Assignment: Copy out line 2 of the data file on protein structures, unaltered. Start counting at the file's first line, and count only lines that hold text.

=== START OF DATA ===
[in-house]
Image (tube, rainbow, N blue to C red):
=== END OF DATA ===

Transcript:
Image (tube, rainbow, N blue to C red):